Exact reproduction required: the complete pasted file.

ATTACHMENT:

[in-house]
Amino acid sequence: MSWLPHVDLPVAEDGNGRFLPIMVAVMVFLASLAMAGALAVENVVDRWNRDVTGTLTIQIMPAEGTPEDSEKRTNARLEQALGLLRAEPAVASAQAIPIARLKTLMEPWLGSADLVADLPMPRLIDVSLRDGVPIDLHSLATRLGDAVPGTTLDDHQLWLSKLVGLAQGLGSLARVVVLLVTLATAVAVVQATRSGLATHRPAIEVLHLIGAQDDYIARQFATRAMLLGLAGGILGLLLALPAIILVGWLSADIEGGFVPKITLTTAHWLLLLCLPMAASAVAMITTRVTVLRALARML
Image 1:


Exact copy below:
[in-house]
Amino acid sequence: MSWLPHVDLPVAEDGNGRFLPIMVAVMVFLASLAMAGALAVENVVDRWNRDVTGTLTIQIMPAEGTPEDSEKRTNARLEQALGLLRAEPAVASAQAIPIARLKTLMEPWLGSADLVADLPMPRLIDVSLRDGVPIDLHSLATRLGDAVPGTTLDDHQLWLSKLVGLAQGLGSLARVVVLLVTLATAVAVVQATRSGLATHRPAIEVLHLIGAQDDYIARQFATRAMLLGLAGGILGLLLALPAIILVGWLSADIEGGFVPKITLTTAHWLLLLCLPMAASAVAMITTRVTVLRALARML
Image 1: